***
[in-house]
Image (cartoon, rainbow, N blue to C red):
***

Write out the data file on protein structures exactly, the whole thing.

[in-house]
Image (cartoon, rainbow, N blue to C red):